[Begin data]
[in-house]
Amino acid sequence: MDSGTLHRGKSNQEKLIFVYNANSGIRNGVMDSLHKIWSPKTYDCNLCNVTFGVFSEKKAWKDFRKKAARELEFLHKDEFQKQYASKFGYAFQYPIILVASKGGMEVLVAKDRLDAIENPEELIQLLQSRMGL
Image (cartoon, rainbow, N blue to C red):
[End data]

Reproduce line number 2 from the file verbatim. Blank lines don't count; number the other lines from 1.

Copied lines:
Amino acid sequence: MDSGTLHRGKSNQEKLIFVYNANSGIRNGVMDSLHKIWSPKTYDCNLCNVTFGVFSEKKAWKDFRKKAARELEFLHKDEFQKQYASKFGYAFQYPIILVASKGGMEVLVAKDRLDAIENPEELIQLLQSRMGL